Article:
To those that don't know what an RKV is: a projectile (could be a spaceship, could be a bullet) that moves with a significant fraction of lightspeed. Maybe even close to lightspeed. Anything it hits will get vaporized just as well as in a nuclear explosion.

So far so good, but how big would one need to be? Obviously, the larger the mass, the larger the impact. Twice the mass, twice the kaboom. But also... the closer we get to lightspeed, the bigger the kaboom. To get to lightspeed would take infinite energy, so this implies that we can pack in arbitrary much energy by simply speeding up ever more.

So, to take this to the extreme, would it be possible to accelerate a single particle (say, an electron or maybe a muon since it's a bit heavier) so fast, that it could destroy a planet?

Or would there be some other laws of physics that would start to get in the way? Or maybe at those speeds it would just pass through harmlessly, creating a microscopical hole along the way?

If it's the latter case, then how big would a relativistic projectile have to be in order to deliver devastation to a planet? What equation governs this?

Let's assume that expense and technology are no barrier, but the laws of physics are as we know them.

  • $\begingroup$ "the closer we get to lightspeed, the bigger the kaboom" - not necessarily, it could reasonably pass straight through with a little kaboom if it were say a small black-hole. $\endgroup$ Mar 25, 2022 at 18:27
  • $\begingroup$ @EveninginGethsemane - True, but I wasn't thinking about black holes... those are much more fun when they're slower. And they're heck of a lot harder to accelerate. I was thinking of regular matter, just really sped up (AFAIK there is nothing in Special Relativity that would prevent this). $\endgroup$
    – Vilx-
    Mar 25, 2022 at 18:30
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    $\begingroup$ The Large Hadron Collider at CERN accelerates protons to 0.999,999,990 c, which is only about 3 m/s slower than the speed of light. At that speed each proton acquires an energy of 6.5 TeV (teraelectronvolts), which is gigantic for a proton, but comes out to about a not very impressive 1 µJ (microjoule); for comparison, you spend about 1000 times as much energy to blink an eye. The most energetic cosmic ray particle ever recorded had an energy of about 30 EeV (about 50 J or 0.01 kcal). $\endgroup$
    – AlexP
    Mar 25, 2022 at 21:19
  • $\begingroup$ @AlexP - True, but that doesn't mean you couldn't go even further. Those last 3m/s require exponentially more energy. And... Yes, you'd obviously need a Dyson Sphere or something to power the thing, but in theory it's possible, right? $\endgroup$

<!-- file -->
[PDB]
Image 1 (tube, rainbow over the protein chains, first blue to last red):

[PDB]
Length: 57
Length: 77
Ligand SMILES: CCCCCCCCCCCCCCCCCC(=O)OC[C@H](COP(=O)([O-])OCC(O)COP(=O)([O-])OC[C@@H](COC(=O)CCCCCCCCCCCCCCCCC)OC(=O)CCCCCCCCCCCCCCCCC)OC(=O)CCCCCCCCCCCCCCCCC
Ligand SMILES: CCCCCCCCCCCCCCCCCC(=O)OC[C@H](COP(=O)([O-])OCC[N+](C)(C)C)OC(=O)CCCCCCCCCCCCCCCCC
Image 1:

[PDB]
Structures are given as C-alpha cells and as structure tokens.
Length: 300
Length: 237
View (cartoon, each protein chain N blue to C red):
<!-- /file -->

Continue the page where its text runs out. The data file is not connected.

– Vilx-
    Mar 25, 2022 at 21:26
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    $\begingroup$ That "most energetic cosmic ray particle" I mentioned, dubbed the Oh My God particle by the researchers, was travelling at 99.999,999,999,999,999,999,999,51 percent of the speed of light... And the fun thing is, nobody has any idea what kind of physical process could conceivably accelerate a proton to such speed. (We know that such a process exists, because we have recorded several particles with such stupendous energies. We just have no idea what it is.) $\endgroup$
    – AlexP
    Mar 25, 2022 at 21:35

1 Answer 1


As I understand it, the best guess in current science is that the maximum possible for a single particle is the Planck energy, which in mass units is around ten micrograms and in everyday energy units is about a quarter ton of TNT. Which would be an astonishing amount of energy for a single particle, but well short of a planet buster.

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    $\begingroup$ The Plank Mass is about 20 micrograms. Are you talking about that converted to energy? But it has nothing to do with the maximum energy for a particle. $\endgroup$
    – Daron
    Mar 25, 2022 at 20:46
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    $\begingroup$ A quarter ton of TNT is still a big boom. Wouldn't want to be underneath that when it lands. But yeh, there's at least a safe distance for that one that's not measured in AUs. $\endgroup$
    – John O
    Mar 25, 2022 at 21:02
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    $\begingroup$ @Daron You don't know that. A particle with more than the Planck energy, would have a wavelength shorter than the Planck length, and frequency higher than the Planck frequency. These are conjectured – not proven, which is why I said 'best guess', but conjectured – to be physically impossible. $\endgroup$
    – rwallace
    Mar 25, 2022 at 22:04
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    $\begingroup$ @Daron a particle has a property known as the de Broglie wavelength, associated with its relativistic momentum. When its de Broglie wavelength becomes shorter than the Planck length, the particle will turn into a quantum black hole, which will then evaporate in very short order. A particle with a momentum of a little under 41kgm/s would exceed the limit. That's a lot for a proton, but not a lot by the standards of a planet-smasher. $\endgroup$ Mar 25, 2022 at 22:32
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    $\begingroup$ (I was going to write an answer much like rwallace's, but with more latex because $\ell$ doesn't get used enough, but really this answer is basically the correct one given our current understanding of physics) $\endgroup$ Mar 25, 2022 at 22:33

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